The nightmare prospect of a coronavirus outbreak in the densely populated refugee camps of the 25-mile Gaza Strip has galvanized international efforts to help Palestinians protect themselves from the global pandemic. Already cut off by land, sea and air blockades enforced by Israel and Egypt—who consider their Hamas leaders to be terrorists—2 million Gazans are burrowing into home isolation like the rest of the world in the hope they can ride out the threat despite their woefully insufficient medical facilities.
The accustomed tableau of black smoke billowing over Gaza from truck tires set aflame by protesters has been replaced by mute black flags hung from apartment balconies. In the age of COVID-19, Gaza’s rulers are tamping down the demonstrations and seeking the widest band of international assistance. Last week, thousands of face masks and testing kits arrived from the World Health Organization. The Gulf state of Qatar is sending $150 million in financial aid while broader international relief efforts are being coordinated by the Palestinian Authority, which helps administer Gaza despite having been violently thrown out of the territory in a 2007 Hamas coup. Expertise is even welcomed from Israel, whose Sheba Medical Center dispatched a disaster relief specialist to advise on epidemiological protocols.
March 30 marked the two-year anniversary of the “Great March of Return,” a protest movement against Israel’s blockade of Gaza, stoked by Hamas and the Iran-backed Islamic Jihad militant group that rallied Palestinian youths to storm the border fences by the hundreds each week in the face of gunfire from Israeli military snipers. Palestinian militants have also launched thousands of rockets into Israel and scorched fields at adjacent Israeli farms with flaming kites and balloons.
While not forgotten by Palestinians, the enduring conflict with Israel is taking a back seat to battling the coronavirus amid the terrifying recognition of what is at stake. Gaza’s dire poverty, poor sanitation, absence of clean water, and unreliable electricity paint a scenario of doom if more people start getting sick and dying. Hospitals are desperately short of beds, ventilators, medical supplies and doctors. So far, only 12 people have been diagnosed with COVID-19, while at least 1,700 have been placed in quarantine. Only 20 percent of those have been tested because emergency orders for examination kits and medical swabs haven’t arrived.
A humanitarian disaster looms if the virus spreads into Gaza’s crowded urban centers or any of its eight refugee camps where more than half the territory’s population lives in poverty and often squalid conditions, explained Sa’eed Salah, director of the intensive care unit at al-Durrah Hospital, to this author. “The death toll will be very high because we lack the needed medical supplies to face and combat such a horrible situation,” he added.
With that in mind, Gaza is likely to turn into a terrestrial petri dish that presents a fertile environment in which the coronavirus, once introduced, will breed and spread out of control. That possibility led the United Nations Middle East peace process coordinator, Nikolai Mladenov, to corral representatives from the White House, the Kremlin, the European Union, and international aid groups into a conference call to make sure that everybody was on the same page.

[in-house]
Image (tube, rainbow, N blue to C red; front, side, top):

The good news is that Mladenov said cooperation between the Palestinians and Israel was “excellent” and that vital supplies were getting through to Gaza. The bad news is that the credibility of Hamas authorities is notoriously unreliable and could mask deficiencies in the coronavirus response, according to Grisha Yakubovich, a former official of Israel’s Coordinator of Government Activities in the Territories. Corruption and unreliable government statistics has long been an issue with international aid to the Palestinians, particularly in Gaza under Hamas.
For the most part, Hamas gets points for its generally professional handling of the crisis, including the start of construction on new quarantine facilities with 1,000 beds, said Yakubovich, but the governing authority is likely to fall back on propaganda if the situation worsens.
“People don’t trust their information,” he said to this author. “Often we find that the facts on the ground say something else.”
It’s worth noting that not all Gazans are taking COVID-19 seriously. At the end of March, pictures from a makeshift quarantine center showed people who were supposed to be isolated celebrating birthday parties with visiting relatives and even smoking water pipes together.
The biggest problem, though, is how ill-equipped Gaza is to handle the pandemic if it starts to spread, said Dr. Elhanan Bar-On, director of Sheba’s Israel Center for Disaster Medicine and Humanitarian Response, in a phone interview.
“The thing that characterizes disaster medicine in general is a complete imbalance between needs and resources,” noted Bar-On, who has been advising Palestinian doctors in the West Bank, East Jerusalem and Gaza on pandemic response.
“If this turns into big numbers, they’ll be completely overwhelmed,” he added. “At some point advice won’t be enough. They need swabs and testing gear.”
Jonathan H. Ferziger is a freelance writer who covered Israel, the West Bank and Gaza for more than 20 years as a reporter for Bloomberg News. Follow him on Twitter: @jferziger.
Saud Abu Ramadan in Gaza City contributed to this report.
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